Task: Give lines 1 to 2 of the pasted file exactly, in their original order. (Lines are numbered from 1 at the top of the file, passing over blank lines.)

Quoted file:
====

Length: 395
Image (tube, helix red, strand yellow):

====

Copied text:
Length: 395
Image (tube, helix red, strand yellow):